Backups work best when you have multiple copies, at least one of which is both up to date and offsite. OS X’s Time Machine feature – and the availability of high-capacity, low-cost hard drives – make it possible for you to back up regularly and rotate drives through backup sets, storing a full backup safely away from the source data.
But what about when the worst happens? When fire strikes, a lightning bolt fries your computers and backup drives, or a burglar makes off with the goods? A drive stored off-site helps – but the files stored on it are out of date the second you unplug it and haul it away. An online backup service could be the perfect addition to your backup plan.
With large amounts of storage available at a low cost or even for free, and with today’s fast internet connections, backing up your files online has become more viable. Online backup providers also add depth to your archives, since most of them store data in such a way that you can retrieve several – or even several hundred – previous versions of a modified file.
Here’s a look at seven services with Mac software for managing automated backups.
How they work
All the hosted backup services we looked at use Mac software to synchronise data on one or more of your computers with their hard drives and services elsewhere on the internet. All support OS X 10.4, 10.5, and 10.6 (all except for Carbonite, which supports just 10.4 and 10.5). All support Windows too, and some support Linux.
Your initial backup requires that you upload every byte of data. Only one service, CrashPlan Central, lets you jump-start that process by loading a drive it sends you with up to 1TB of data (although it’s currently only available in the US).
The services generally store your data on massive server farms that might have hundreds or thousands of terabytes of storage capacity; companies provide few details about where and how they store data. Jungle Disk is unique among the services we’ve looked at here in relying on cloud-based metered storage, offering a choice between parent company Rackspace, and Amazon’s Simple Storage Service (S3).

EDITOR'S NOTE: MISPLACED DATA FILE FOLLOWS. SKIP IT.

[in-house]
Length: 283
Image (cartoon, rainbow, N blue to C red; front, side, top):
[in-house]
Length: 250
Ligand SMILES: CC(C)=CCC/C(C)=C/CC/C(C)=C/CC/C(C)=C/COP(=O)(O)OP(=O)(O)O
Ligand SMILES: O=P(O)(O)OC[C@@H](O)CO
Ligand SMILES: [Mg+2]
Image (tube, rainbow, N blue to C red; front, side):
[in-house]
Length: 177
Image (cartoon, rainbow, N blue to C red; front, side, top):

After the initial backup, all the services are cleverly efficient about sending changes. Rather than re-uploading a 10MB file – or even a 10KB one – the software on your computer breaks a file into pieces, and then creates a mathematical summary of each piece. The program compares the summary to what’s stored on the server and then transfers only changed or new pieces.
That process also allows you to reconstruct an older version of a file using a base file, with any subsequent changes patched on top, to reach the version you want. These piecemeal updates are also typically compressed to make the upload even faster.
Most of the services let you specify whether you’d prefer that deleted files be removed immediately from the backup set, or retained as part of stored older versions – either forever or for a certain number of days.
Every service has its limitations regarding how it finds, packages, encrypts, compresses, uploads, and receives changed files. When we tested each service on a cable internet connection that regularly tops 5Mbps upstream, each was able to store several gigabytes overnight.
With competitive pricing, easy-to-use Mac software, and access to multiple destinations integrated in one package, CrashPlan Central is a great option.
Backup service providers follow one of two pricing schemes: flat-rate storage or per-gigabyte (metered) storage. Only Jungle Disk and SpiderOak are metered.
Flat-rate services charge a set rate per computer and include unlimited storage, while metered services allow an unlimited number of computers access to a pool of data. IDrive is an exception – it offers 150GB of storage for up to five computers for a flat monthly rate.
The flat-rate providers typically charge about $5 (£3) per computer on a monthly basis, although several allow advance payment for a year or more at a time, or offer a discounted annual option.